Georgia Tech offensive coordinator Bill O'Brien resigned yesterday, and sources familiar with the situation confirmed O'Brien has accepted an offer to become an assistant coach at Maryland.
O'Brien will replace assistant coach Rod Sharpless, who resigned under pressure earlier this month after reportedly violating NCAA rules by giving money to a recruit.
An announcement of O'Brien's hiring is expected to be made next week, perhaps as soon as Monday, according to sources familiar with the situation.
At Maryland, O'Brien, 32, will be reunited with Friedgen. The two coached together at Georgia Tech, where O'Brien coached running backs and was the recruiting coordinator until Friedgen was hired by Maryland after the 2000 season. O'Brien then was promoted to take Friedgen's place as the offensive coordinator and quarterbacks coach. He and Friedgen have remained close.
O'Brien's role at Maryland is not immediately clear, but he could be given Sharpless's position coaching inside linebackers.
Before being hired by Georgia Tech in 1995, O'Brien was an assistant coach at Brown for two seasons and coached the team's linebackers in 1994. A 1992 graduate of Brown, he lettered in football for three seasons at the school, playing linebacker and defensive line.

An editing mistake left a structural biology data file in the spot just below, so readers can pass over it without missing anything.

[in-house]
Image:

O'Brien, who has been considered one of the country's top young assistants, also is regarded as a strong recruiter. Stanford had expressed interested in his filling the school's offensive coordinator vacancy, but O'Brien declined to interview.
Under O'Brien in 2001, Georgia Tech led the ACC in passing offense and ranked third in scoring. However, after the graduation of quarterback George Godsey, the Yellow Jackets struggled this past season, ranking fifth in the conference in total offense and seventh in scoring. After the season, Georgia Tech Coach Chan Gailey said he would take a more active role in the team's offense.
Sharpless, 53, resigned earlier this month after allegedly giving between $300 and $400 to Baltimore defensive end Victor Abiamiri, one of the nation's top high school prospects. Sharpless later admitted giving the money to Abiamiri, sources said, and Maryland hired an Overland Park, Kan., law firm to perform an investigation that is ongoing.